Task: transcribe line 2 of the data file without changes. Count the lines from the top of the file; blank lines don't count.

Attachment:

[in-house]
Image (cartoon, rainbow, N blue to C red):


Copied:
Image (cartoon, rainbow, N blue to C red):